Whenever I write a list in an email or a document I always begin by writing a sentence similar to this: “Here are three things…” and without a doubt the first thing to go through my mind is the fact that I’ll likely end up with more than that number.
It always happens. I’m writing my list and then I remember something I forgot and then I have to change the opening line to reflect the correct number. I’ve learned that the trick is to name my opening line something that doesn’t include that number. Something more generic. But that’s boring!
A list with 5 things is a lot more impressive than one with 6 or 7. Sheesh, I can’t remember the last time I read an important article and it began “Six things you can do…”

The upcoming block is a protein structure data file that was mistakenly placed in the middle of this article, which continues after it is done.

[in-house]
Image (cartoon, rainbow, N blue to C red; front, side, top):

Or how about this: Just round your total number up by a few. If your list has only 8 items, say 10 instead. Or you could always make things up to fill out empty lines. Nobody reads lists anyways.
What would an article about lists be without a list?
Five things you can do to make your lists stand out:
- Write your list using words and numb3rs
- Place your most important items first to ensure prominence
- Don’t create meaningless lists, it just makes good lists work harder